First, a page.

Lee’s first story about Martin was published March 8, more than a full week after the shooting.
“As a young black man this story can’t help but settle in a certain place inside of you,” Lee said. “Here was a 17-year-old kid who, at the least, was stereotyped or racially profiled from the beginning. I think we’ve all, regardless as to your experience as a young black man in America, have experienced, thought about or seen coverage of this kind of thing happening. This very well could have been me. This could have been my brother. This could have been any of us.
“I think sometimes it takes people to care about an issue, a subject, a source in order to bring it to light. As journalists, that’s our task. To bring issues and stories to light and to spread it to the masses, spread it to readers,” Lee added. “I don’t know what would have happened if I didn’t hear about this story, if Charles Blow or Ta-Nehisi Coates had not heard about this story. But I can’t help but believe that our being black men played some role in our motivation to get out there.”
Lee was a police reporter who became part of the Pulitzer Prize-winning team of The Times-Picayune four months after he landed at the New Orleans paper. After leaving Louisiana, Lee became a beat reporter at The New York Times, covering Harlem for the paper’s metro desk. He became a senior writer at The Huffington Post in March, 2011, almost exactly one year before Trayvon Martin’s death. The first African American journalist hired after the two Internet companies merged, Lee covers national news stories that impact the black community.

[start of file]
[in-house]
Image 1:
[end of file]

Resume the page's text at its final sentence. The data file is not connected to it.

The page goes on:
Lee primarily writes for HuffPost BlackVoices. But with Huffington Post’s search engine optimization tools, his reporting could also appear on the politics, business or front pages, which allows Lee and his stories to get more exposure to more people who aren’t black.